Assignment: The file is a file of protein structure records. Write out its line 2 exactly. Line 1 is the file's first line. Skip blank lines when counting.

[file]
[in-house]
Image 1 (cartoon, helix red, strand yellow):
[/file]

Image 1 (cartoon, helix red, strand yellow):